Evacuation is a possible response to the threat of flooding. However, evacuation can be costly with respect to time, money, and credibility. The decision-making process for mass evacuation is characterised by short reaction times and requires consideration of the probability of a certain impact, possible life-and-death situations and the economic impact. Evacuation can also reduce loss of life. However the frequency of evacuation-events is higher than flood-events because decisions are made on forecasts based on critical water levels which are less than the expected level of failure. A better understanding of heuristics and biases can improve judgments and decisions in cases of uncertainty. Authorities have to make a trade-off between the costs and possible benefits of evacuation when the disaster occurs. Decision makers (in multiple teams) and crisis managers can simultaneously provide multiple frames of reference about a certain phenomenon. This paper describes a decision support method and case study for The Netherlands for the use of "evacuation diagrams" to support decision makers (and crisis managers) to call for evacuation and the role of uncertainties.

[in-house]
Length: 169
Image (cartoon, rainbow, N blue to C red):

Kolen, B. (2016). Risk based decision making for evacuation in an uncertain world. E3S Web of Conferences, 7, 19001. https://doi.org/10.1051/e3sconf/20160719001